The fame of Tommy Wiseau’s “The Room” is one of a kind.
James Franco’s film tells the story of the making of “The Room”, knows as the worst movie ever made. Two film enthusiasts – Greg Sestero and Tommy Wiseau – meet each other in acting class. Once their efforts to become film stars fail miserably, they decide to make their own creation – the most bizarre piece of cinema in the history.
Although it has premiered years ago, it still generates such buzz that festival screenings are always sold out. Everybody wants to witness the cinema-defining scenes, like “You’re tearing me apart, Lisa” or “Oh, hi Mark”.
Bearing this in mind, “The Disaster Artist” faced a relatively difficult task – whether to make a fan film, a drama condemning the awfulness of the source material or straightforward comedy. It chose to do a bit of everything, which ended up an intelligent, heart-warming and sincerely funny film.
“The Disaster Artist” focuses on two topics, that correspond to distinctive approaches to one story. The first, that absorbs the director more profoundly, is the relationship between Greg Sestero and Tommy Wiseau, the shining stars of “The Room”. Though they seem to be each other’s opposites – first one is a shy introvert whilst the latter a charismatic weirdo – both share the same dream of paving their way in the film industry. However, there is a significant difference between Greg and Tommy. It’s what drives them to pursue this dream. Greg is fascinated by acting, soaked in the magic of theatre.
What drives Tommy is far more heart-wrenching. On the surface, there are weird accent, a rare ability to be awkward at all times and chains wrapped around his waist. Deeper, there is just a lonely planet, orbiting far from anybody else. Not only is he a disaster as an artist, but also as a fulfilled man. The moment he finds a way to make a connection, he is ready to go poker-like all in. “The Disaster Artist” is paramount in exhibiting this extraordinary relationship. How the two protagonists float away from each other, because of most prosaic reason – life taking place.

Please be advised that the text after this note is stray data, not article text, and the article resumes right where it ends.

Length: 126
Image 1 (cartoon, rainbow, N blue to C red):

The conflict of interests between Greg and Tommy is firmly portrayed by the Franco brothers. Both did astonishing job, but the eye-catcher, the showman and the absolute star is James. He mastered his role, blending in the figure of Wiseau with utmost confidence. He understands that this role could easily be blown out of proportions. Thankfully, James Franco’s role is richly nuanced. Tommy is an affluent, layered character and this portrayal varies from comedy to drama.
Although Dave Franco remains in the shadow, his role is equally difficult – as introvert Greg, he worked on a character less entertaining for the viewer. Yet, the actor managed to carry the responsibility for film’s drama layer. In order to make it all work he had to be out of the spotlight.
On the other hand, “The Disaster Artist” is a fan film.
Because you can’t talk about the allegedly worst film in the history without “hilarieyes”. I loved the idea of breaking down the most confusing and hysterical parts of the cult classic. The fact that Lisa’s mother announces breast cancer, which is never brought back again (and to which Tommy refers to as “plot twist”) or the peculiar role of Denny in the “The Room”.
Furthermore, the star-studded cast is also a treat – the presence of Jackie Weaver, Bob Odenkirk, Seth Rogen or even Zac Efron makes the film even funnier. The structure of the comic parts is also smartly designed. “The Disaster Artist” can target both the fans of Tommy Wiseau’s classic and those, who never had the pleasure to watch it.
In the beginning of the film, several actors and directors – among them Kevin Smith and Adam Scott – share their thoughts on the sheer genius of “The Room”, as if giving grounds as to why “The Disaster Artist” was made in the first place. Every person, who watched it, was probably wandering about a plethora of things – how was it financed, why was it that bad? Obviously, “The Disaster Artist” is a film made by fans, paying tribute to a peculiar kind of cinematic phenomenon. But most importantly, it is a genuinely funny, heart-warming film about dreams that come true. As corny and kitschy as it sounds, it really plays the very right tune.
The Disaster Artist (2017)
Dir. James Franco
Cast: James Franco, Dave Franco, Seth Rogen and even Tommy Wiseau
Hate Grade: 2/10